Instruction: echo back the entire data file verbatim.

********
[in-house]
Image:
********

[in-house]
Image: